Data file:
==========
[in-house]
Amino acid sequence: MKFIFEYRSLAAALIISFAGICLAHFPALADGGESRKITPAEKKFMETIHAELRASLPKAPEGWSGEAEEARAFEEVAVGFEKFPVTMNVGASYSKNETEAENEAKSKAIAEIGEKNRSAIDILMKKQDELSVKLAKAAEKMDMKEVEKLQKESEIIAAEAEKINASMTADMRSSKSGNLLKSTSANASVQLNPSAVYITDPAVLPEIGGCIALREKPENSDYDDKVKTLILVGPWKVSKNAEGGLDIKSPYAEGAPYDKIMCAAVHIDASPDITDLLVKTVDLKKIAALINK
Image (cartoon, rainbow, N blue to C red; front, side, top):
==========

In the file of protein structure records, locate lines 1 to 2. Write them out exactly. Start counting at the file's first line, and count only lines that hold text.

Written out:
[in-house]
Amino acid sequence: MKFIFEYRSLAAALIISFAGICLAHFPALADGGESRKITPAEKKFMETIHAELRASLPKAPEGWSGEAEEARAFEEVAVGFEKFPVTMNVGASYSKNETEAENEAKSKAIAEIGEKNRSAIDILMKKQDELSVKLAKAAEKMDMKEVEKLQKESEIIAAEAEKINASMTADMRSSKSGNLLKSTSANASVQLNPSAVYITDPAVLPEIGGCIALREKPENSDYDDKVKTLILVGPWKVSKNAEGGLDIKSPYAEGAPYDKIMCAAVHIDASPDITDLLVKTVDLKKIAALINK